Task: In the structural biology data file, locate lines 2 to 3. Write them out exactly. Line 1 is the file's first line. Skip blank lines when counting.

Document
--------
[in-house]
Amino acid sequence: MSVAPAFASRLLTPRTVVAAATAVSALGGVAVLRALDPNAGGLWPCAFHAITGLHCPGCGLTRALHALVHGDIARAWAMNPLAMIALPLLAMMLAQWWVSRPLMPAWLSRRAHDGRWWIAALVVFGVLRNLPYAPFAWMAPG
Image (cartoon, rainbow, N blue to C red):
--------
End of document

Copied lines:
Amino acid sequence: MSVAPAFASRLLTPRTVVAAATAVSALGGVAVLRALDPNAGGLWPCAFHAITGLHCPGCGLTRALHALVHGDIARAWAMNPLAMIALPLLAMMLAQWWVSRPLMPAWLSRRAHDGRWWIAALVVFGVLRNLPYAPFAWMAPG
Image (cartoon, rainbow, N blue to C red):